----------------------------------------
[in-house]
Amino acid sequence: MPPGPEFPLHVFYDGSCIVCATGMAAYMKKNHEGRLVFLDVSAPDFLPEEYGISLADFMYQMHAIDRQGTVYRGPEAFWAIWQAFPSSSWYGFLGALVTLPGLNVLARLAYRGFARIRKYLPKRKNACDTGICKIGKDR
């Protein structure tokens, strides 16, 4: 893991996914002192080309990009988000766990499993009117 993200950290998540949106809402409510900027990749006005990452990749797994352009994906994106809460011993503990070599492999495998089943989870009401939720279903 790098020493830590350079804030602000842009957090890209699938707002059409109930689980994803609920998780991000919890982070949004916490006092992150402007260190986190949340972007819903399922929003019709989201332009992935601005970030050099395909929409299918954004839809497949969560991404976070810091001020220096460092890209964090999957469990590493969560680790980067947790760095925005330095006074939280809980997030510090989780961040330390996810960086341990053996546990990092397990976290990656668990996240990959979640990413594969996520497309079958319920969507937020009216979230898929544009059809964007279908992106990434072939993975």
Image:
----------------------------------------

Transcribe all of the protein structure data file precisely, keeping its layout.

[in-house]
Amino acid sequence: MPPGPEFPLHVFYDGSCIVCATGMAAYMKKNHEGRLVFLDVSAPDFLPEEYGISLADFMYQMHAIDRQGTVYRGPEAFWAIWQAFPSSSWYGFLGALVTLPGLNVLARLAYRGFARIRKYLPKRKNACDTGICKIGKDR
């Protein structure tokens, strides 16, 4: 893991996914002192080309990009988000766990499993009117 993200950290998540949106809402409510900027990749006005990452990749797994352009994906994106809460011993503990070599492999495998089943989870009401939720279903 790098020493830590350079804030602000842009957090890209699938707002059409109930689980994803609920998780991000919890982070949004916490006092992150402007260190986190949340972007819903399922929003019709989201332009992935601005970030050099395909929409299918954004839809497949969560991404976070810091001020220096460092890209964090999957469990590493969560680790980067947790760095925005330095006074939280809980997030510090989780961040330390996810960086341990053996546990990092397990976290990656668990996240990959979640990413594969996520497309079958319920969507937020009216979230898929544009059809964007279908992106990434072939993975």
Image: